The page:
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Twitter’s mass layoffs have begun (techcrunch.com)
1039 points by matthieu_bl on Nov 4, 2022 | hide | past | favorite | 2117 comments

A lot of the tweets that are quoted in the article have been removed. For example, Twitter employee Cristina Angeli is mentioned in the story for having tweeted an image of "staff members... flooding an internal Slack channel with blue heart emojis as they wait to learn their fate tomorrow", but that tweet is deleted on twitter itself because "This Tweet violated the Twitter Rules."

This is ironic if you consider all the complaining that Musk does in the public sphere about "freedom of speech" (I know that the first amendment only applies to government censorship, but Musk likes to pretend not to), but it's also significant because -

Smart journalists are going to stop relying on Twitter's API now. News and blog sites love to render Twitter URLs as a preview of the tweet; but if Twitter under Musk is going to start removing tweets that go against its corporate interests of the hour (is it against Twitter policy to post screenshots of any corporate Slack channel, or only Twitter's own?), then people had better take screenshots of the tweets they want to quote, just in case.

I think there's a much simpler and less juicy angle here: someone posted a screenshot of an internal communication, and it got removed. It's not surprising or controversial that Twitter would try to contain a leak of its own internal comms (a screenshot of their slack). This isn't "Twitter took down a disparaging post about Twitter", it's that they tried to stop the sharing of internal data.

That being said, I don't disagree with the sentiment here in the sibling comments, this just isn't the steelman you're looking for.

Best of luck to all remaining and recently parted Twitter folk.

> It's not surprising or controversial that Twitter would try to contain a leak of its own internal comms (a screenshot of their slack).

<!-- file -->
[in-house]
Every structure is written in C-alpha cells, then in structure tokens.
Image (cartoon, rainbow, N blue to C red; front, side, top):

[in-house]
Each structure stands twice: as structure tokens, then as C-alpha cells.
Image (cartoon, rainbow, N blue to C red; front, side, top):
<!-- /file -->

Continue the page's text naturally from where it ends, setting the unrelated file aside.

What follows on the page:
It's not surprising or controversial, but it's in direct opposition to the idea that Twitter should allow all legal speech.

> should allow all legal speech.

It is usually illegal or in breach of contract to share internal company communications. This isn't the "gotcha" you're looking for.

The speech is legal, it just might break a contract between two parities in the US. It's a far cry from a discussion around what kind of speech is acceptable in a public square.

Twitter is using a privileged position to protect it's own IP. It's fine for a company to do, but just doesn't really sit with "we're just running a public square for the good of the world"

But by this logic we'd have to argue that Wikileaks is a public square. Real public squares have police, and those police have a mandate by the people to enforce contract law and private property law.

This is why hate speech I think is a much more controversial topic than copyright.

Continuing that, i think that normally the ball would get rolling with some kind of civil suit. The police aren't judge and jury on contract law just doing blanket enforcement of that on their own. The police might have to enforce a court order sometime later.

This is, to me, more like your neighbor ripping down your derogatory sign about them because he doesn't like what it says, and the neighbor happens to also be your boss and landlord.

Why do you think police enforce "contact law" I.e. civil law?

> It's not surprising or controversial, but it's in direct opposition to the idea that Twitter should allow all legal speech.

The employees probably sign NDAs. It's only a civil suit, but I think that would still fall outside the realm of what he's been preaching. Note, I'm not taking his side or anyone else's.